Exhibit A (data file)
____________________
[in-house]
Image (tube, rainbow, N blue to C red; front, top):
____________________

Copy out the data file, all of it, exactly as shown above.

[in-house]
Image (tube, rainbow, N blue to C red; front, top):